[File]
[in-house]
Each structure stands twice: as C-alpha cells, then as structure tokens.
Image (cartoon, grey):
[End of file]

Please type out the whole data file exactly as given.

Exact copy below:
[in-house]
Each structure stands twice: as C-alpha cells, then as structure tokens.
Image (cartoon, grey):